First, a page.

William Matheson (nova_one) wrote,
William Matheson
nova_one

Whacking Moles: Getting Ruby 2.0 and Rails 4.0.0 going on OpenSUSE 12.3

To do this, I started with a fresh OpenSUSE 12.3 virtual machine running under VMWare Workstation 9. Besides letting the updates install, the only significant thing I did was install VMWare Tools, which is another boatload of pain covered here. Of course, you could follow the rest of this on a native operating system. But doing things like this virtually means you can revert to a previous snapshot/state when (not if) you screw up. Anyway, I installed all the available updates too, after I installed VMWare Tools, and then I took a snapshot.

Some of this may apply to other Linux distros, so don't dismiss this straight away if you're not running OpenSUSE.

Also, I am not using RVM. It's one of those things that makes your life easier... by first introducing another level of complexity and general screwing-around. If you care about switching versions of Ruby and Rails and having different versions of Ruby and Rails for different projects, then I am sorry about your life something like RVM is the way to go. This is for the rest of us. (Actually, it's not so bad. I think I got lost because I was sudoing things that I shouldn't have been. Which, with RVM, is everything. See below if you want to just use RVM.)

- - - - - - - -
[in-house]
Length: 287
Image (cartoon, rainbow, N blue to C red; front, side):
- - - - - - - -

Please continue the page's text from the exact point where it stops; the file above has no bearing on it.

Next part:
OK, first you have to get Ruby. But the one you'd get in YaST is 1.9.3 or something. So go to software.opensuse.org, and look for "ruby":

http://software.opensuse.org/package/ruby?search_term=%22ruby%22

Click on "Show Other Versions" under the green button at the bottom. Click "Show Unstable Packages" under OpenSUSE 12.3. Find the 2.0 version of Ruby from devel:languages:ruby, and click on "1 Click Install" and accept everything.

So now it's just "gem install rails", right? Ha-ha! No.

Go to YaST and get the package "ruby-devel". And there's more you'll need too: sqlite3 (a database engine) and nodejs (a JavaScript engine). Get all three packages.

Now you could do "gem install rails" but you will get weird errors related to the documentation. So do "gem install rdoc" first. Then do "gem install rails". Wait 2 to 45 minutes.

And now you can build your first test app! But for me even typing rails -v gets me "If 'rails' is not a typo..." What gives?

Well, as this video says at 29 minutes in, since I installed rails as root, the command for Rails is not 'rails' but 'rails2.0'. Say what?

Good news, though: if you don't want to type 'rails2.0' over and over, you don't have to. Add the following line to the end of the hidden .bashrc file in your home directory. You can use the "Control" drop-down in the Dolphin file manager, pick "Show Hidden Files", then open .bashrc in KWrite (under "Open With").

alias rails='rails2.0'

Note that this'll only apply to your home user, not to anything you do when you switch to the superuser inside a terminal session.

At last, you're ready to Get Started!

*headdesk*

Update: New problems emerged, so I finally did it the RVM way. Wasn't hard at all. Don't use sudo.

\curl -L https://get.rvm.io | bash

Then /bin/bash --login

Then the install and use stuff:

rvm install 2.0.0
rvm use 2.0.0
gem install rails


I presently have to type the binbashlogin and rvmuse parts every time I roll up my sleeves, but it works, it finally blessedly works. I mean, works again. Sigh.

Update Update: OK, you can set a default ruby to use like this:

rvm alias create default 2.0.0
Tags: opensuse, programming, rails, ruby, ruby on rails
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